Enhancing Project Timelines with Microsoft Project for the web’s New Feature: Buffers for Task Dependencies

Screen capture from Buffers walk-through demonstration, available in original article.
Screen capture from Buffers walk-through demonstration, available in original article.

A recent Microsoft article, “Introducing Buffers – Lead & Lag in Task Dependencies” by Sakshi Munjal, published on January 24, 2024, explores new features in Microsoft Project for the web aimed at enhancing project execution in the new year.

As project managers gear up for a productive year, Microsoft Project for the web introduces a game-changing feature to boost project execution. In this article, we delve into the intricacies of the recently unveiled lead and lag times for task dependencies, providing project teams with unprecedented control over project timelines.

Introducing Lead and Lag Times: Tailoring Task Dependencies

In the quest for seamless project management, the ability to gain a head start on the next task or introduce a deliberate delay is a valuable asset. With the new lead and lag times in Microsoft Project for the web, project managers can now set advancements and delays to task dependencies, offering a level of precision that was previously unavailable.

Implementation Across Views: Grid, Pane, and Timeline

Discover how to effortlessly incorporate lead and lag times into your project. The article outlines methods for adding buffers through the Grid and the Task pane, with adjustments available in days, hours, minutes, weeks, or months. Notably, these updates seamlessly reflect in the Timeline view, providing a comprehensive overview of your project’s schedule.

Efficient Implementation with Keyboard Shortcuts

Project managers familiar with Project Desktop will find the transition smooth, as keyboard shortcuts for the grid view remain supported. Learn how to articulate dependencies with buffers efficiently using the provided syntax, enhancing your workflow and saving valuable time.

Example: [Task Number][Dependency Type (FS/SF/FF/SS)] +/- [Buffer numeral][Duration Format] – e.g., 3FS+10d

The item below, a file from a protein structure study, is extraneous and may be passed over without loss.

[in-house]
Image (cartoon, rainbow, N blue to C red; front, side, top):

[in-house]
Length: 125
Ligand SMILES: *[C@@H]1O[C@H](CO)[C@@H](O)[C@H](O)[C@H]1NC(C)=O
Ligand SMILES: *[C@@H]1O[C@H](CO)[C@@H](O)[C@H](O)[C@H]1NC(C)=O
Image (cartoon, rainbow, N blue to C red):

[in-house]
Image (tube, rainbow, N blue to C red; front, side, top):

Integration with Microsoft Planner and Licensing Information

Explore the broader context of these updates, including their integration with Microsoft Planner and the timeline for availability in Microsoft Teams and the Planner web app. The article also addresses licensing considerations, ensuring clarity on which users can leverage lead-lag functionality.

FAQs: Your Guide to Lead-Lag Implementation

The article concludes with a helpful FAQ section, addressing common queries regarding lead-lag functionality. Whether it’s understanding licensing privileges, importing projects from Project desktop, or ensuring data preservation during export to Excel, the FAQs provide a comprehensive guide for users.

Link to the Original Article and Author Credit

For an in-depth exploration of these exciting updates, visit the original article by Sakshi Munjal published on January 24, 2024 here. We extend our gratitude to Sakshi Munjal for sharing valuable insights into the latest features empowering project managers in Microsoft Project for the web.

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1 Comment
  1. I guess its dissapointing that Microsoft choose to announce this feature as ‘Buffers – Leads and Lags’. There are already plenty of mechanisms called ‘Buffers’ in the PM world (e.g. Critical Chain Buffers, Contingency for Risk Buffers) and Leads/Lags are not a best practice in any event although I can understand supporting them. Just why do they annouce them as Buffers? They aren’t referred to as Buffers in MS Project and honestly Leads/Lags don’t even function as buffers. Usually they hide unclear/missing scope!

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